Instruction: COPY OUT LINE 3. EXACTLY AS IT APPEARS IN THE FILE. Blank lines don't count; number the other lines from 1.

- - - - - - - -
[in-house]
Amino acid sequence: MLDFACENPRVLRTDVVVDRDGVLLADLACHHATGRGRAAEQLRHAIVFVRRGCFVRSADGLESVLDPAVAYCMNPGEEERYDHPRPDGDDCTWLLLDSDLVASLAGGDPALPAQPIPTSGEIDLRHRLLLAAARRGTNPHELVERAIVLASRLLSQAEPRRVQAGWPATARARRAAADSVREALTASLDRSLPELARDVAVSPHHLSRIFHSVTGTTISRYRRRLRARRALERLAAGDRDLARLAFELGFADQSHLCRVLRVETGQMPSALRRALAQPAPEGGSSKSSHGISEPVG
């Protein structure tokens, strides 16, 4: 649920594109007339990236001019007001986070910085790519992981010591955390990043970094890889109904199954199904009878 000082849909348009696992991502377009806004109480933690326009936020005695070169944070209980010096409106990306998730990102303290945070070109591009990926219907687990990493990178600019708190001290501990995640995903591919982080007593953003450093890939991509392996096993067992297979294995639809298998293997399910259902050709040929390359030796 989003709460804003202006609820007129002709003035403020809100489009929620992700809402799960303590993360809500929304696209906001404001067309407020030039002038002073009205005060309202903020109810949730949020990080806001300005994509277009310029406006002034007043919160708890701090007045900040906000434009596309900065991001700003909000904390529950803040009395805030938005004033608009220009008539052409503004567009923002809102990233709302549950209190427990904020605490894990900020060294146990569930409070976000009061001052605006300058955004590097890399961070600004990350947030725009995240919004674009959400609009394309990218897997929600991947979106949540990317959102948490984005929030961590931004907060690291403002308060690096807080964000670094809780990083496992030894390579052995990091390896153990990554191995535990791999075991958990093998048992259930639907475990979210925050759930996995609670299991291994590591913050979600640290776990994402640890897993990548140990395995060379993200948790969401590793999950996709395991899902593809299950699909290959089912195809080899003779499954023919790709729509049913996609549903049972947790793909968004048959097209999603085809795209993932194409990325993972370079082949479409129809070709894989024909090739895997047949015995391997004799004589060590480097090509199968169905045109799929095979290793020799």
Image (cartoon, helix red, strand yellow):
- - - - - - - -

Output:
């Protein structure tokens, strides 16, 4: 649920594109007339990236001019007001986070910085790519992981010591955390990043970094890889109904199954199904009878 000082849909348009696992991502377009806004109480933690326009936020005695070169944070209980010096409106990306998730990102303290945070070109591009990926219907687990990493990178600019708190001290501990995640995903591919982080007593953003450093890939991509392996096993067992297979294995639809298998293997399910259902050709040929390359030796 989003709460804003202006609820007129002709003035403020809100489009929620992700809402799960303590993360809500929304696209906001404001067309407020030039002038002073009205005060309202903020109810949730949020990080806001300005994509277009310029406006002034007043919160708890701090007045900040906000434009596309900065991001700003909000904390529950803040009395805030938005004033608009220009008539052409503004567009923002809102990233709302549950209190427990904020605490894990900020060294146990569930409070976000009061001052605006300058955004590097890399961070600004990350947030725009995240919004674009959400609009394309990218897997929600991947979106949540990317959102948490984005929030961590931004907060690291403002308060690096807080964000670094809780990083496992030894390579052995990091390896153990990554191995535990791999075991958990093998048992259930639907475990979210925050759930996995609670299991291994590591913050979600640290776990994402640890897993990548140990395995060379993200948790969401590793999950996709395991899902593809299950699909290959089912195809080899003779499954023919790709729509049913996609549903049972947790793909968004048959097209999603085809795209993932194409990325993972370079082949479409129809070709894989024909090739895997047949015995391997004799004589060590480097090509199968169905045109799929095979290793020799």